There is an exodus happening in South America. Thousands of people are fleeing Venezuela in the midst of a crippling economic and political crisis. On the road ahead are countries scrambling to respond to the record-breaking migration. Behind them is a crisis so severe that a month’s salary can’t even buy a day’s worth of food.
Marciela had no way to support her three children back in Venezuela, so she boarded a bus and made a difficult, five-day bus ride across Colombia and Ecuador to reach Peru, where she hopes she will be able to earn a living and someday reunite her family.
Wilfredo used to make a decent living as a lawyer in Venezuela. Now he scrapes by as a street vendor in Lima, hoping his temporary visa will come soon so he can look for better work.
As hard as their situations are, Marciela and Wilfredo consider themselves the lucky ones.
Thousands of Venezuelans are arriving in Peru every day. Recently 5,000 arrived in one day, eclipsing the country’s single day record by nearly 40 percent. This has left new arrivals in limbo: stuck in long lines, in open-air, plagued by insects, many with children underfoot – and with no clear relief in sight.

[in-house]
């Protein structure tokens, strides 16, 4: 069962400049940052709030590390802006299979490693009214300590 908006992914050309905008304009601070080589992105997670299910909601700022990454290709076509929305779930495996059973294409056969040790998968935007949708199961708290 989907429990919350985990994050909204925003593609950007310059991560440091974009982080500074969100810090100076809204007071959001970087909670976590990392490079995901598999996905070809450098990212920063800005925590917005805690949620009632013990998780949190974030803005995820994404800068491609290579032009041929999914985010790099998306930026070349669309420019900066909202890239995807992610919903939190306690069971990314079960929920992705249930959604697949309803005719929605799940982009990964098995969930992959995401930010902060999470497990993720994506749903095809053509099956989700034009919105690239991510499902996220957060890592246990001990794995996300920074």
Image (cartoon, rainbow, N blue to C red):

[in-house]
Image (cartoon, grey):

Thanks to your support Lutheran World Relief is working in Lima to renovate reception centers, where Venezuelans can find temporary housing, meals and legal counseling about residence, work permits and other regulations. We are also advocating for the rights of the migrants and supporting services for displaced women and children as they integrate within host communities in Peru.
One of the reception centers — formerly a home for nuns — has been vacant eight years. There is no working plumbing; a series of hoses are the only source of water. The walls are crumbling and there is no furniture. Because of your generosity, the building will soon be renovated with capacity to house up to 20 people.
With your help, we are also working with another local partner that is running a busy food kitchen that currently serves about 50 people a day. With your support, we are helping to renovate the kitchen so that it can feed more people.
Carlos Padrinos and Sahimar Sanoja, a couple from Venezuela, manage one of the reception centers. They arrived three months ago after their house was looted and Carlos lost his job, forcing their sons to quit college. At the reception center, they met church leaders who asked them to help manage the operation.
“God sent us here,” Carlos said.
You can help
Please support our response to this crisis with a gift today. Help us scale up our efforts to reach out to Venezuelans who have fled to Peru with hot meals and the critical assistance they need to survive.